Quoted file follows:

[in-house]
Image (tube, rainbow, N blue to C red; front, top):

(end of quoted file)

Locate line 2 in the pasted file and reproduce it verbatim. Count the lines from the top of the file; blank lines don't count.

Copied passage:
Image (tube, rainbow, N blue to C red; front, top):